Congresswoman Martha McSally

Representing the 2nd District of Arizona

U.S. Rep. McSally Hosts Meeting with Commerce Secretary Ross to Ensure S. AZ Priorities Included in NAFTA Renegotiations

June 30, 2017
Press Release

WASHINGTON, DC – U.S. Representative Martha McSally led a bipartisan meeting with other Representatives of southern border communities and Secretary of Commerce, Wilbur Ross, to discuss the upcoming renegotiation of the North American Free Trade Alliance (NAFTA).  The representatives encouraged the administration to use this opportunity to work towards a fairer playing field that will help further economic growth and harness job creation. Their priorities included agriculture, infrastructure, e-commerce, cargo inspections—and others related to cross-border economic activity.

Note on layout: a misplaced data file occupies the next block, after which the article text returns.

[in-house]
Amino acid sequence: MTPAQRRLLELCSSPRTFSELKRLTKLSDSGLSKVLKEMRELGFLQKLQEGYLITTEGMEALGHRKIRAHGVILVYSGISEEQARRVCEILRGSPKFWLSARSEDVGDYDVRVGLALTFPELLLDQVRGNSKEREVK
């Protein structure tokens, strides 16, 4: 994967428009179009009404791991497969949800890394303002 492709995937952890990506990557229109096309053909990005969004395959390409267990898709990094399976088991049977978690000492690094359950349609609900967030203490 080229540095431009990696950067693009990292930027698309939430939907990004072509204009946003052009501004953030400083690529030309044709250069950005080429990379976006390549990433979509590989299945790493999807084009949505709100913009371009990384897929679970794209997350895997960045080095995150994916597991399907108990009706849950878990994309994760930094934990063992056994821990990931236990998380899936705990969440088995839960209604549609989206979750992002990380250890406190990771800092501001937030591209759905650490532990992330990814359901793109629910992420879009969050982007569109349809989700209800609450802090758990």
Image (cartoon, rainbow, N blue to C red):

“Mexico is Arizona’s number one trading partner, and we have over 100,000 jobs in Arizona because of cross-border economic activity. We want to make sure that as we renegotiate NAFTA that they hear our united voice to do no harm and increase economic growth and opportunities for border communities like ours,” said Congresswoman McSally

On May 18, the Trump administration formally notified Congress of its intent to renegotiate NAFTA, beginning a 90-day window for Congress to provide input. Greater Nogales Santa Cruz County Port Authority, the U.S. – Mexico Chamber of Commerce, and the Border Trade Alliance all testified this week before the United States Trade Representative regarding this intent to renegotiate NAFTA in response to USTR’s Federal Register notice published May 23, 2017, requesting public comment.

Trade with Mexico and Canada is a big component of our economy in Southern Arizona. Cross-border commerce supports more than 1 in 5 jobs in Arizona. According to the U.S. Department of Commerce’s International Trade Administration, trade with Mexico accounted for 40 percent of our state’s exports to foreign markets in 2015, totaling $9.2 billion. Arizona’s bilateral relationship with Mexico directly supports more than 100,000 Arizona jobs.